Global Studies majors who wish to graduate from UNC-Chapel Hill with honors or highest honors must complete a senior honors thesis. Junior Global Studies majors with a minimum GPA in the major of 3.5 and cumulative GPA of 3.3 are eligible to apply (see eligibility note below). We reserve the right after the first semester of the thesis writing program to decide that it is not appropriate for students to complete and defend the honors thesis. This may be because the student has been unable to invest the proper amount of time and commitment to the thesis writing process itself or because the student’s overall academic performance fails to meet expectations for honors graduates.
Beginning with the graduating class of 2019, you must enroll in GLBL 691H during the fall of your senior year (fall 2018), unless you are abroad that semester. In that case, you may petition the director of undergraduate studies to waive enrollment in GLBL 691H. Unless you receive permission to do so, you will not be able to complete a thesis in GLBL. Students will then enroll in GLBL 692H in the Spring of 2019 and defend their thesis in that semester.
Students who successfully complete a senior honors thesis will have the designation “honors” or “highest honors” printed beside their names in the Commencement bulletin and recorded on their diplomas and transcripts.
Learn more about the honors thesis below.
Applying To The Honors Seminar
The first task for a prospective honors student is to identify a thesis topic. Students are encouraged to consider integrating a study abroad into honors work, as it provides an excellent opportunity for research that can be used for an honors thesis.
Once a topic has been chosen, the next step is to identify a POTENTIAL thesis adviser. Any member of the UNC-Chapel Hill faculty is eligible to serve as a thesis adviser, as are retired faculty and post-doctoral fellows. Graduate students cannot serve as advisers. While the thesis adviser may come from any department at UNC, the adviser’s area of expertise should be consistent with the topic of the student’s thesis. Our joint faculty and our affiliate faculty represent a broad range of global expertise. The Center for Global Initiatives maintains a searchable database of faculty with international research experience. You do not need your identified faculty member to have agreed to serve as your adviser at this point.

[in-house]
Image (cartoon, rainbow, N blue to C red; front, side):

Once a topic and adviser have been identified, the prospective honors student must submit a two–three page prospectus in the fall of their junior year.
In writing the prospectus, students should include the following:
- A brief description of the general theme or topic about which you are interested in writing. Please indicate both a geographical/country focus, as well as a substantive one. It will be worth thinking about what question you are trying to answer or puzzle you are trying to solve.
- A brief discussion of the genesis of your interest in the topic. Was it a course you took? A study abroad experience? Some combination?
- If possible, a brief discussion of what kinds of sources you intend to rely upon and whether you want to interview people relevant to the subject matter.
- Identify two faculty members (including your thesis adviser) who you know work on issues related to your thesis topic. Neither of the faculty members need to have agreed yet to serve as readers before you submit your prospectus. If you have not already taken courses with a professor whose expertise meshes with your area of interest, keep in mind that all departments maintain websites that include lists of faculty members and their research interests.
The prospectus must be typed, double spaced, in 11- or 12-point font, and include your full name, PID, and email address. It should be submitted electronically to Diana Devereaux, manager of the Curriculum in Global Studies by March 31, 2018. If you are accepted into the honors program, you will need to then submit an academic advising worksheet updated through the end of the Spring 2018 semester so that we can verify your in-major GPA. We will not add you to GLBL 691H, the first semester of the mandatory honors thesis sequence, until we have received this document.